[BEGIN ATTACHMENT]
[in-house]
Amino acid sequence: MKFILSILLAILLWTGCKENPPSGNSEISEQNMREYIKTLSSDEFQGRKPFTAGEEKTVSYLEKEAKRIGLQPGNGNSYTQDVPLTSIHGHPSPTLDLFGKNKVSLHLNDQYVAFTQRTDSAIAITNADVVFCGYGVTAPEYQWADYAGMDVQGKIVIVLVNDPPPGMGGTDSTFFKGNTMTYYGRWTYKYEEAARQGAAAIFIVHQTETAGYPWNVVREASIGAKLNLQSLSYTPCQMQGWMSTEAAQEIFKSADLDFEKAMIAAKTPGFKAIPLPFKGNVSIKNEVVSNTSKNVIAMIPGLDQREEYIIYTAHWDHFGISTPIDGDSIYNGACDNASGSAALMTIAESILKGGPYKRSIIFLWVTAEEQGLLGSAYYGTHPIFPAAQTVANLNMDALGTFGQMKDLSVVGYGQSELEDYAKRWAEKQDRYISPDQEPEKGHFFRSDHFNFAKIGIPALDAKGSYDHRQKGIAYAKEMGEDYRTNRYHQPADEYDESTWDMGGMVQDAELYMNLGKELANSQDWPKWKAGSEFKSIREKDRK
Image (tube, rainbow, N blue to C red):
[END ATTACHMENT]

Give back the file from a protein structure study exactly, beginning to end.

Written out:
[in-house]
Amino acid sequence: MKFILSILLAILLWTGCKENPPSGNSEISEQNMREYIKTLSSDEFQGRKPFTAGEEKTVSYLEKEAKRIGLQPGNGNSYTQDVPLTSIHGHPSPTLDLFGKNKVSLHLNDQYVAFTQRTDSAIAITNADVVFCGYGVTAPEYQWADYAGMDVQGKIVIVLVNDPPPGMGGTDSTFFKGNTMTYYGRWTYKYEEAARQGAAAIFIVHQTETAGYPWNVVREASIGAKLNLQSLSYTPCQMQGWMSTEAAQEIFKSADLDFEKAMIAAKTPGFKAIPLPFKGNVSIKNEVVSNTSKNVIAMIPGLDQREEYIIYTAHWDHFGISTPIDGDSIYNGACDNASGSAALMTIAESILKGGPYKRSIIFLWVTAEEQGLLGSAYYGTHPIFPAAQTVANLNMDALGTFGQMKDLSVVGYGQSELEDYAKRWAEKQDRYISPDQEPEKGHFFRSDHFNFAKIGIPALDAKGSYDHRQKGIAYAKEMGEDYRTNRYHQPADEYDESTWDMGGMVQDAELYMNLGKELANSQDWPKWKAGSEFKSIREKDRK
Image (tube, rainbow, N blue to C red):